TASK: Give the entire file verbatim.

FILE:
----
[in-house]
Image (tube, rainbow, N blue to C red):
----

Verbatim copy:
[in-house]
Image (tube, rainbow, N blue to C red):